“I liked the fact that it was going to be the result of a lot of people bringing their own thoughts to the table, and I liked the idea of submitting a list that would be very much MY list while also reflecting what I hoped was a reasonable swath of moviemaking in the 21st century.”
With all that being said, there were some films that both the critics and the nerds have agreed on, these are some of the best of the 21st century:
Critics and Nerds Love Sci-Fi and Animation
We are going to focus in on two specific films below, but there were a spattering of nerd-friendly film throughout the Top 100. We can break them down into two categories. First, we have the animated films. Even with so many critics polled, the consensus is obvious: Pixar is good at what they do. Finding Nemo (#96), Ratatouille (#93), Inside Out (#41), and WALL-E (#29) all made their way on to the critics’ choices. That is impressive in its own right, and shows that Pixar has absolutely dominated the animation market this century.
Second to the animated films, critics seem to have always had a soft spot for science-fiction films when it comes to picking favorites that also line up with nerdy tastes. In addition to the two films discussed below, critics’ consensus has revealed that Steven Spielberg’s A.I. Artificial Intelligence (#83) and Mad Max: Fury Road (#19) have risen above their sci-fi peers. Given that it is a reboot/sequel of a 30 year old Mel Gibson franchise, it is remarkable that Fury Road is on the list. But if you were paying attention last year, you know that Fury Road struck a particular chord with audiences and film critics alike. The film made $150 million domestically, holds a 97% on Rotten Tomatoes, and was nominated for Best Picture and Best Director last year. Oh, and it is also an insane post-apocalyptic action film packed to the brim with practical effects and strong themes. So yeah, good for the critics on choosing this sci-fi champion of a film.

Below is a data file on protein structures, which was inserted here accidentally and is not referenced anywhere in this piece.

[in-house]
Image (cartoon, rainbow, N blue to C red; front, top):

Inception (Christopher Nolan) (BBC’s #51)
Not the only Christopher Nolan film to make it to the BBC list, Inception is the perfect example of how a blockbuster can transcend its genre and become truly great. The film is executed in a near perfect fashion in everything it attempts. We have an original concept laid out using both exposition and action. We have a great cast all-around (special highlights are Leonardo DiCaprio and Marion Coltiard). We have some of the best editing out there (at any one time there are four storylines happening continuously, editor Lee Smith masterfully crafted the footage together to keep the narrative coherent). Second only to Nolan, the strongest voice is that of composer Hans Zimmer, whose score works perfectly in tandem with the photography and is truly memorable.
While The Dark Knight Trilogy had Nolan giving us his take on a familiar tale, Inception is 100% him. From the initial concept, to the final screenplay, to his meticulous directing style, Inception is the perfect example of Nolan at his best. The film encapsulates his legacy by not only being a box-office smash, but resonating with both general audiences and critics alike. The film was nominated for Best Picture in 2010, and it is truly one of the best science-fiction films ever made.
The Dark Knight (Christopher Nolan) (BBC’s #33)